Added: Weslee Heckel - Date: 11.02.2022 05:59 - Views: 41702 - Clicks: 1483
High Dynamic Range increases the difference between black and white beyond the contrast range of conventional television.
That means water can glisten, stars can twinkle, and sunlight can be golden, all whilst maintaining detail in the shadows. Project from - present.
Consumer television displays are getting brighter and capable of presenting stunning UHD images which are almost like looking through a window on to a scene. Having seen some fantastic HDR demonstrations we wanted to understand how our viewers could benefit from HDR in the future.
Broadcast television, and particularly live television, has a very complex content workflow. Our production and broadcast activities are spread over a of sites, each at different points in their equipment replacement cycle. We started to investigate how HDR could fit into a typical broadcast infrastructure such as ours. We concluded that any approach couldn't rely on end-to-end metadata as metadata often gets lost or becomes out-of-sync with the content as it passes through the production chain and that standard presentation techniques such as mixing video sources become overly complex with metadata.
We also wanted the captured al to be display-independent because a wide range of different displays and lighting conditions are used both Wf 4 single bbc production environments and in the home. Finally we wanted an approach that was compatible with our current 10 bit infrastructure and only needed changes to the cameras and critical monitoring displays.
In order to meet all of our requirements, HLG was deed to be a scene-referred system, just like conventional television. The al represents relative light levels in the original scene, which allows pictures from a single mastering process or live production to be adapted to give the same artistic effect on brighter or darker screens at home. Only the display itself needs information about its own capabilities and environment to faithfully render the scene-referred al, so metadata that describes the mastering display is not required.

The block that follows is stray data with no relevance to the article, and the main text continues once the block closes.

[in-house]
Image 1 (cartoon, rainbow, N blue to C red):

We are working to develop a complete HDR ecosystem. This starts with fundamental research into the human visual system, which then informs development of technical systems including format conversion techniques, HDR production guidelines and adaptation requirements for displays of different brightness.
We then see these systems through to international standards that cover the whole video chain, from the basic video parametersthrough professional interfacescompressionprogramme delivery and broadcast and IP distribution. We also support consumer electronics manufacturers in verifying their implementations and developing consumer interfaces to the final display. High Dynamic Range will offer a step-change in quality to viewers, making pictures more realistic and more immersive.
In order for HDR programmes to be enjoyed in the home, a complete broadcast infrastructure must be in place.
We continue to add and link to a series of guides below, which describe the technical details of HDR and HLG in particular. Tweet This - Share on Facebook.
UHD production: What do I need to know? What does the future hold for UHD? This project is part of the Broadcast and Connected Systems section. This project is part of the Immersive and Interactive Content section.Wf 4 single bbc
email: [email protected] - phone:(366) 907-9841 x 6800
High Dynamic Range Television and Hybrid Log-Gamma